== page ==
10. Have something to do while you are waiting for the power to return. You can feel like you are lost in time and space sitting mummified by your fireplace for hours on end...just waiting. An emergency activity box for children is a good idea.

11. Do not depend on help. We live in a very populated area, yet there was nowhere to go for help of any kind in our area. The nearest shelter was 45 minutes away.

If you do leave your home, and want to know when the power is restored, instead of calling your neighbors or those left behind 5 times a day, potentially waking up napping children or weary adults, call your own home. If the answering machine is working, the power is back.

Here is a suggestion sent to me by one of the readers of The Pennypincher:

" I decided, when I took the Red Cross Disaster Course, and ran a shelter one time, that I would never sit in a house during a ice or snow storm or during the summer without electricity! I'd just offer to run a shelter where they had electricity! Since I entered the information on all the Shelters in our county into the computer database, I knew where the churches were with all the nice things, like showers, Jen-Aire Ranges in the kitchen, nice sleeping areas. Living in Lynchburg, VA and having no electricity for 10 days, taught me that the Red Cross would not come to rescue me. I had to call them. Once I found that out, I was "prepared". ~Betty G"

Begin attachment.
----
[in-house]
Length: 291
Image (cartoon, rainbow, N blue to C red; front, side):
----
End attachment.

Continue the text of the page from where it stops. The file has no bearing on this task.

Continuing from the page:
During our emergency in Seattle, probably the most helpful people (besides our utility crews) were our radio hosts. They spent hours doing "people-to-people" broadcasting. Those who were able to help others would call in with offers of help, and those in need called in asking for help.

It was heartbreaking to hear the voices of those who were so cold and so worried about their families. It only got worse as the time went on, and people ran out of wood and other supplies.

The Pennypincher Ezine has a motto, taken from Ben Franklin - "Rather to go to bed supperless than rise in debt".

I've gone to bed hungry many times, but I would eagerly rise in debt not to have to go to bed shivering and cold.

If you haven't already done so, please make adequate preparations for the safety and comfort of your family should disaster strike.

No one wants to be an alarmist, but things happen. Sadly, we now not only have to deal with natural disasters, but have an increased risk of having our lives disrupted by the madmen of other countries.

I know it costs money, and takes up space in your home, but do what you can so that if and when the unexpected occurs, you have a plan. You are not alone. Plan with your family, friends and neighbors. Work together for the security and well- being of your families.

©Nikki Willhite About the Author: Nikki Willhite, mother of three, and an Interior Design Graduate, is the editor of The Pennypincher Ezine and Tightwad Tidbits Daily. Visit her at http://www.allthingsfrugal.com.